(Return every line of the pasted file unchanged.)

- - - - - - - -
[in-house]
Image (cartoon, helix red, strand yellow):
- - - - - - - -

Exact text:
[in-house]
Image (cartoon, helix red, strand yellow):